Important notice: at the time of this review and the subsequent weeks before it, I encountered little to no lag issues, and the few that I did encounter almost always faded away after the first few seconds of the match. I can only truly recall one downright unplayable peer-to-peer connection, but I guess that’s what other players have been experiencing for the majority of online playtime, hence the massive backlash in regards to Advanced Warfare’s server structure. I include this as a full disclosure that apparently I’ve just been extremely lucky in terms of player connections (now watch at how every match I play after this review will have a shit connection).
The cooperative mode of the multiplayer is pretty bad, to be honest. All players go down in a handful of hits, and the more people playing with you, the fewer bullets all of you can withstand. Players go down so fast that you’d expect it to be a free-to-play shooter where you have to spend ninety-nine cents to get back up; it’s absurd. Not to mention that it’s just hordes of generic paramilitary goons, each wave as rinse-and-repeat as the last, with the exception of the bonus zombies wave at the very end. And of course, if it’s good then why not sell more of it as DLC? So, expect an actually substantial zombie experience to charge you fifteen bucks somewhere down the line.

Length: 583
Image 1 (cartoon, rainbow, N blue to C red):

In short, if you loved past COD multiplayer, this year’s installment really amps things up a notch and keeps the series exciting; at least in this department. Single player falls short in most respects, even with the glory that is Kevin Spacey (and Troy Baker, I know) being present. And the cooperative mode is a joke, to be honest. That’s not to say that the multiplayer alone justifies a purchase, as it’s more like a bag of chips rather than a full meal. Just like a bag of Lay’s potato chips, you can mechanically stay seated grazing away at multiplayer for hours, not really enjoying yourself but having no real reason to stop, either. So you will graze, the hours will go by, and you’ll eventually stop, realizing that it’s not really fulfilling your appetite nor providing any real nutrition. So, in short, COD fans will love it like always and most of the rest of us will move on in a few weeks.